Saturday, July 12, 2008

Week in Review

It's been a busy week. Last Sunday was Competition Heeling #4. It was supposed to be without dogs. I forgot and brought Iris with me anyway, so she hung out in her crate. The first thing we did was pair up and have one person act as the dog while the other was the handler. Katrin gave the handler instructions (such as left, halt, turn around, fast slow, etc), and the "dog" was supposed to watch the handler and try to stay in position. When I was the dog, I found myself really watching the handler's feet. That really drove home how important my footwork is for Iris. Also, abrupt transitions make it lot harder to stay in position. This is something that's important in agility too! My dog is smart, but she can't read my mind (although she's gotten pretty good at guessing).

Next we practiced our footwork. When making a turn, you place the outside foot in a T over the inside foot. By turning that way, it slows you down and gives clear body language so the dog can see you're turning. To turn around completely, you just make 2 T's. This footwork stuff is going to be much harder when I add in the dog!

Iris was good about hanging out in her crate when I was sitting next to her, but she turned into a complete loudmouth once I walked away. Partner (a young lab) was also in a crate, and while he was much quieter than my crazy dog, he would whine when Ann walked away. I noticed that when Iris would quiet down, she'd start right back up when Partner would whine. Looking back on it, I could have been better about rewarding her when she was quiet. That's something I'll have to work on with her in future.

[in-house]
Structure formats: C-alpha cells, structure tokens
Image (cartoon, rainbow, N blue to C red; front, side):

Thurs was 5 Directions #3. Iris was great. We worked on "tight" which is the opposite of "switch." I can't keep them straight. I pretty much sent my dog toward the cone, said a word, and hoped that she'd go around the cone and come back toward me. I'm going to have to spend more time training myself this week than training Iris! The difference is the dog turns away from you for switch, the dog turns toward you for tight. As long as I remember it that way, I think I'll be able to get it. Eventually. Otherwise the end result might be that I shout words, flail my arms around and hope that my dog guesses right. I could say that she's got a 50-50 chance of getting it right since she can only turn left or right, but I know my dog better than that. Iris' options include left, right, bark, bounce, sniff, zoom, chase the Beagle... I'm sure she could keep adding to the list.

Everyone in class (4 dogs) practiced tight at the same time. Iris was so good! She stayed with me and kept working the whole time. "Other dogs moving around" has always been a trigger for her, so I was proud of her. After we practiced tight, Katrin set up a course of cones and gates which included tight, switch, and out. Julie has a diagram of the course on her blog, although I think it's lacking a stick figure schnauzer. Iris did really well with this, better than me! I need to remember to give commands further in advance. Iris doesn't know where I want her to go (again, she's not a mind reader) and without enough feedback, she starts to check out.

So much to remember! But both very good classes.


Katrin said...

You both did a great job! Remember- you're as much of a 'baby brain' at this as she is! Don't be too hard on yourself, you'll get it, takes time. :-)

Blue said...

That's true, Iris is my first dog that's gotten more training than just "be a nice pet." For whatever reason, switch and tight have been the hardest thing for me to grasp so far.

Jules said...

You and Iris have been doing AWESOME! I found "Switch" a really difficult, too.